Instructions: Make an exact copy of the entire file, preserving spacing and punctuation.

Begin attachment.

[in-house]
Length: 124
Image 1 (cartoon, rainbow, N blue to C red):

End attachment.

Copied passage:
[in-house]
Length: 124
Image 1 (cartoon, rainbow, N blue to C red):